Moving a little patch of tissue called the ZPA causes the fingers to be duplicated

The ZPA drew interest because it appeared, in some way, to control the formation of fingers and toes. But how? Some people believed that the cells in the ZPA made a molecule that then spread across the limb to instruct cells to make different fingers. The key proposal was that it was the concentration of this unnamed molecule that was the important factor. In areas close to the ZPA, where there is a high concentration of this molecule, cells would respond by making a pinky. In the opposite side of the developing hand, farther from the ZPA so that the molecule was more diffused, the cells would respond by making a thumb. Cells in the middle would each respond according to the concentration of this molecule to make the second, third, and fourth fingers.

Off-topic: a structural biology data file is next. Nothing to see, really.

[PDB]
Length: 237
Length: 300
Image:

This concentration-dependent idea could be tested. In 1979, Denis Summerbell placed an extremely small piece of foil between the ZPA patch and the rest of the limb. The idea was to use this barrier to prevent any kind of molecule from diffusing from the ZPA to the other side. Summerbell studied what happened to the cells on each side of the barrier. Cells on the ZPA side formed digits. Cells on the opposite side often did not form digits; if they did, the digits were badly malformed. The conclusion was obvious. Something was emanating from the ZPA that controlled how the digits formed and what they looked like. To identify that something, researchers needed to look at DNA.

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